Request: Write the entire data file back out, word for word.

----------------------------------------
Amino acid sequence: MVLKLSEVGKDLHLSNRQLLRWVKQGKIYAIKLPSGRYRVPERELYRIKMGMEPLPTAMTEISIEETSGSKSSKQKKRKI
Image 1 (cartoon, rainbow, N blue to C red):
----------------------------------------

Amino acid sequence: MVLKLSEVGKDLHLSNRQLLRWVKQGKIYAIKLPSGRYRVPERELYRIKMGMEPLPTAMTEISIEETSGSKSSKQKKRKI
Image 1 (cartoon, rainbow, N blue to C red):